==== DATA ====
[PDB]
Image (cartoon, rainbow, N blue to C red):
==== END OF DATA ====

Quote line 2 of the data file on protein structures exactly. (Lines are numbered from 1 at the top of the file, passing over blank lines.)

Image (cartoon, rainbow, N blue to C red):